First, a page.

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After Olympics, China eyes space conquest
by Staff Writers
Beijing (AFP) Sept 24, 2008

Flushed with success after a widely applauded Beijing Olympics, China will seek this week to further burnish its image with a new chapter in its quest to conquer space.

Long-time Communist Party member Zhai Zhigang is slated to become the nation's first "taikonaut" to walk in space during the Shenzhou VII mission, China's third manned space flight, which is slated to blast off Thursday night.

"When you can undertake manned space flight, you get prestige," Philippe Coue, author of several works on China's space programme, told AFP.

"If all goes well, especially after the Olympic Games, the nation's image will be even further embellished."

In a matter of years, China's military-run space programme has made strides which the United States and Russia took decades to accomplish, and even though the budget is a secret, it is clear it has done so at much smaller cost.

"They have gone very fast, they had the will to undertake manned space flight and they went directly to a sophisticated design capable of carrying three astronauts," Coue said of the three-man Shenzhou mission.

The nation's first space walk is part of a series of step-by-step flights which aim to culminate in an orbiting space laboratory over the next several years and then a permanent space station.

China became the third nation after the former Soviet Union and the United States to independently send a man into orbit after Yang Liwei was blasted into space on Shenzhou V in 2003.

Following Yang's solo flight, two astronauts manned the Shenzhou VI for a five-day flight in 2005.

By 2017, China could be circling the moon in a manned mission and land on the lunar surface by 2025. Beginning in 2015, China hopes to begin the exploration of Mars.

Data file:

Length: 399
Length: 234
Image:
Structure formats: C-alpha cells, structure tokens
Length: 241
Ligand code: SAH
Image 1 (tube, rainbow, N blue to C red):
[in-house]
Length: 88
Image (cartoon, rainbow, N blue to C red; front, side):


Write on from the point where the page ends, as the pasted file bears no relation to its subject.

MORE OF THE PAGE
Forty-two years after Yuri Gagarin became the first human in space, Yang was welcomed home as a hero by the nation of 1.3 billion, where the dream of space flight is as old as the Ming Dynasty (1368 to 1644 AD).

According to one legend, the Ming official and amateur astronomer Wan Hu tried to construct a crude spaceship -- basically a chair with dozens of rockets attached to it -- and may not have survived his attempt to enter orbit.

While playing a bigger and bigger role on the world's economic, financial and political stage, China also showed its sporting prowess by dominating the Beijing Olympics. Now it hopes to further its grand vision for outer space.

"The Chinese say: 'We want to be seen as a leading technological power and the way to do that is through space,'" Isabelle Sourbes-Verger, a researcher and expert on China's space programme, told AFP.

Some experts believe that outer space will become the new battleground in an emerging rivalry between an increasingly confident China and the United States.

"The Chinese space programme is more a question of affirming its own capabilities than a rivalry. It's the United States that is posing the question of a rivalry," Sourbes-Verger said.

Although some members of the US Congress have expressed concern about China's growing ambitions in space, NASA's huge budget -- 17.3 billion dollar this year alone -- will ensure American domination for a long time to come.

Even so, China has already surpassed Japan as the most powerful space nation in Asia, and is far ahead of fledgling space power India too.

"China has sent a man into space largely by itself, while Japan depends on the United States," said Sourbes-Verger.

But for China, it is the prestige that remains a driving force in its programme, experts say.

"Certainly, a space programme shows the economic and scientific power of a nation," said Hu Xingdou, professor at the Beijing Institute of Technology.

"Currently more and more nations are capable of launching satellites, but very few have succeeded in going to outer space."

So far, China's space authorities have shown nothing but confidence in the success of the flight of the Shenzhou, or "divine vessel," and are already beginning preparations to recruit a second generation of taikonauts.


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All systems go for China's first space walk
Beijing (AFP) Sept 23, 2008
China's ambitious space programme is set to take a giant leap forward this week when three astronauts blast off on a mission to undertake the country's first space walk. The Long March rocket, taller than the Statue of Liberty, is already in position at the northwestern Jiuquan launch centre to lift the Shenzhou VII capsule into orbit for China's third manned space flight late on Thursday. ... read more

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